Considering the unpredictability of fashion, I’m thinking if it’d become a trend some day for the top part of clothing as well, just as it did for bottoms. At the least, it could be argued, whether deliberate or not, the tearing of clothes, and the current state of the world economy are interestingly symbolic.

All Tibetan women are seen dressed up in long-sleeved shirts and striped aprons at the waist. According to the Tibetan custom, aprons are worn by women to indicate they are married. There are aprons in different colors, varying mostly in the sizes of the stripes. If a woman gets divorced or becomes a widow, she no longer wears an apron. Also, if observed, no Tibetan men wear rings or any other specific articles of clothing that indicate their marital status.

I am also wondering if old people worry about matters like – “So today I am going to the temple, and I should wear this black bowler hat with my brown walking stick, and canvas moccasins?”
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Old folks of Dharamsala. Praying, turning beads between their fingers, counting; smiling at the unfamiliar, greeting the familiar; content; lost on the streets, and within selves.

Vows of Individual Liberation in Red

July 20, 2010

One of the things that struck me the most, when I stayed in Dharamsala, was the abundance of color all around that somehow seemed to be in perfect harmony with the projected minimalism of life.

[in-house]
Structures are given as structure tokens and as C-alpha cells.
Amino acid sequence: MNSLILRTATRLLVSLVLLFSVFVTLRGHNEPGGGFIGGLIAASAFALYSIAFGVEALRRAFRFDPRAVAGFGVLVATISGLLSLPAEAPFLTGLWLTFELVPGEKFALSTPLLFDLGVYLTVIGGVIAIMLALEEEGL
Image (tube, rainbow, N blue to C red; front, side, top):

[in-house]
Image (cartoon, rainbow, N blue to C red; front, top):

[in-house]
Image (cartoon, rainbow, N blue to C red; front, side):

In reality, the color of a monk’s robe is not just plain red but varies in many shades of red, ranging from maroon to crimson to deep wine.

The color “red” had become the traditional monk robe color in Tibet mainly because it was the most common and cheapest dye at one point of time. Also, red is considered a ”poor” color in Tibet so the idea of wearing red symbolizes deflecting attention from oneself and focusing on compassion & kindness towards other beings – one of the main principles of Buddhism.The Buddhist robe is said to be more colorful than other sects. Interestingly it is also one of the oldest styles of fashion that is still in existence despite 2500 years having passed by since this type of attire came to be.

The simplicity of wearing such robes also symbolizes the vow taken to lead simple lives. A monk’s robe is like his uniform in a way – a symbol of his non-status that he no longer partakes in a material world. It is interesting to see that a symbol of such self imposed insignificance has become so significant with time.

Tibetan monks wear a shirt and a skirt instead of a one-piece robe. A shawl-type robe may be worn as an outer layer.
The basic robe consists of these:
The dhonka, a wrap shirt with cap sleeves. The dhonka usually is maroon or maroon and yellow with blue piping.
The shemdap, a maroon skirt made with patched cloth and a varying number of pleats.
The chogu is something like a sanghati(the outer robe), a wrap made in patches and worn on the upper body, although sometimes it is draped over one shoulder like a kashaya robe(the upper robe). The chögu is yellow and worn for certain ceremonies and teachings.
The zhen is similar to the chogu, but maroon, and is for ordinary day-to-day wear.

There are a number of stories explaining the blue piping. The most common one is that it commemorates a connection to China.